Prior to the days muster the four wheeler bikes are prepped and readied, there will be 5 of us on the ground, my husband, myself, our son and teenage daughter and a worker. Today our worker is a German female backpacker who has never worked cattle in her life. She made the comment only the day or so ago that the animals looked nice in real life, that about sums up her experience with cattle, zilch.

The paddock is a shade over 40 square kilometres shaped into a sort of rectangle with a significant creek system right through its centre. The main creek itself has a number of water holes that are permanent or very nearly permanent with an untold number of small creeks that feed into it. The topography of the paddock is dominated by the creek system being the lowest point and the areas north and south being the highest, with a significant hill region in the south.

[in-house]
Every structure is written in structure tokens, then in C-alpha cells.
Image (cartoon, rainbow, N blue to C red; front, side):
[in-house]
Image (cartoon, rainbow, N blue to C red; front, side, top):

Map 2. 1 - 10_edited-1

Figure 1. Diagram of the paddock. Mustering will start from the left and work the cattle to laneways which move around the paddock, to then lead to the processing stock yard at point 11.

The land system is made up of undulating bedded sandstones which tend to have shallow soil, native grasses and soft spinifix. Some areas have moderate tree coverage of  gumtrees and small woody acacias. Moderate meaning that you can drive a four wheeler bike comfortably at a pace of 20 km an hour among the trees without having to smash and crash through scrub and over large rocks. Termite mounds dot the area but they are not covered densely by vegetation, In other words you can see them. You can see some distance of about 300m comfortably and can generally move in a straight line if you need too over that distance  without climbing or descending hills or crossing gullies.